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Old 31-12-2014, 18:48   #1
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Charging System Problem

Our charging system has been very reliable for the last four years when we started our circumnavigation but a problem has arisen that I can't figure out.

To charge our house bank of eight Trojan T-145 6-volt golf cart batteries (slightly over 1,000 amp hours at 12 volts), we have the following systems:

1. Single-cylinder Kubota 6-horsepower diesel that drives a 150-amp Delco Remy alternator with a Balmar Smart regulator.
2. Our Kubota has two alternators, a 100-amp and a 175-amp. The 100-amp just charges the starting battery and the 175-amp is wired to the house bank.
3. A brand new Victron Phoenix MultiPlus 12/3000/120 inverter/charger.
4. Two Kyocera 235-watt solar panels with a Morningstar MPPT controller.

About two months ago, we were anchored out and I was looking at our Xantrax LinkPro battery monitor and I said to my wife, "The genset is running great!" And precisely at that moment, its output fell to zero amps (that should teach me to keep my mouth shut). We sent the alternator in for repair and when it came back, it would start to output its full rated amount but would quickly taper down to 50 amps or so.

What is odd is that our 175-amp alternator on the Kubota is doing the exact same thing. And our brand new Victron will only output about 60 amps when it should be twice that. Our solar panel appear to be working normally.

At first, I presumed it was the batteries so I removed each battery cable and tested each battery independently with a battery load tester. Sure enough, one battery was bad so we replaced it with a new one of the exact same model as the rest (no small feat in Thailand). We still have the same problem. I have cleaned and tested all of the connections and all of the cables are good.

Whereas I don't like to admit it, we are power hogs and we easily go through 400 amps in a day (please, no lectures about this - I know how to solve that problem but the solution is completely impractical here and now). We are scheduled to start our passage across the Indian Ocean in about three weeks and our electrical usage goes up with the running of the autopilot and radar. Any help would be greatly appreciated.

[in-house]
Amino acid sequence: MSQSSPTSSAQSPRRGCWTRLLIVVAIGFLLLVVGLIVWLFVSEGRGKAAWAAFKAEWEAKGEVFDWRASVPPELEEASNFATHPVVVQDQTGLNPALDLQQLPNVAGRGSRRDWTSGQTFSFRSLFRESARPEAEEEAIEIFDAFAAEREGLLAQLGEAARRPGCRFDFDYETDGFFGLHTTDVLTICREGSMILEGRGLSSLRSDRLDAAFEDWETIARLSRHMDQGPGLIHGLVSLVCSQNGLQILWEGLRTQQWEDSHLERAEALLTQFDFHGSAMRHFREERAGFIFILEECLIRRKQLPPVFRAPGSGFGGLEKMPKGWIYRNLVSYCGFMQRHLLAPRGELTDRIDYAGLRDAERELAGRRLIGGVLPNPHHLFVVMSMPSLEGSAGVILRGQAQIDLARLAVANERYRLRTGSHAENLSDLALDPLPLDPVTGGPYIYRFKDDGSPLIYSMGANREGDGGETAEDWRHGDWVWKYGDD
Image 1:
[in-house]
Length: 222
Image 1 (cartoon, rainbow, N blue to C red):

Fair winds, calm seas and Happy New Year.
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Old 31-12-2014, 19:16   #2
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Re: Charging System Problem

Could it possibly be a load problem? Maybe try unplugging/turning off everything and if that works turn on 1 outlet at a time. Good luck and Happy New Year.
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Old 31-12-2014, 19:21   #3
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Re: Charging System Problem

You haven't said anything about your alternator regulators; internal/external/make/settings. What is the battery voltage when the alternators cut back?
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Old 31-12-2014, 19:35   #4
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Re: Charging System Problem

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Originally Posted by DeepFrz View Post
You haven't said anything about your alternator regulators; internal/external/make/settings. What is the battery voltage when the alternators cut back?
The 175-amp Iskra alternator on the Kubota propulsion engine only has an internal regulator and is not adjustable. As I said, the Delco Remy alternator on the single-cylinder genset is regulated by a Balmar MC-614 external regulator. It's set for a 14.6 bulk voltage and a 13.2 float setting.

The voltage on the batteries remains very low when the amps drop - less than 13.5 volts but it couldn't be much higher as this happens so quickly after the genset or main engine is started - within just a couple of minutes.

Also, these changes seemed to have happened suddenly and not after some significant change had been made.

As far as loads go, do you think the amps would drop off because the load is high? I'm no electrical engineer but it would seem to me that if the load was high, the amps would increase but they're not - they're decreasing substantially.

Thanks for the help.
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Old 31-12-2014, 19:57   #5
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Re: Charging System Problem

Is it possible the outputs are dropping because of high alternator/battery temps.? The balmar MC614 regulator can be dialed back so that it will limit the output. You can do this using the Small Engine Mode which will limit the output to about 50%. You could use this as a diagnostic tool.

Is the 150 amp alternator driven by 1 or 2 belts, serpentine belt or direct drive? I suppose that when the load comes on the belt could start slipping. That should but many not be obvious. Is there lots of belt dust around?

Its best to work on one problem at a time. You may have several different problems or it may be one problem but focusing on one alternator at a time is the better way to go, IMO.
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Old 31-12-2014, 19:58   #6
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Re: Charging System Problem

BTW, Happy New Year...
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Old 31-12-2014, 20:03   #7
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Re: Charging System Problem

We have had several cruisers lately who have had their alternators bench tested and told they were good when they weren't so be aware that you may have to get into some detailed alternator trouble shooting. I wont be able to help you with that.
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Old 31-12-2014, 20:34   #8
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Re: Charging System Problem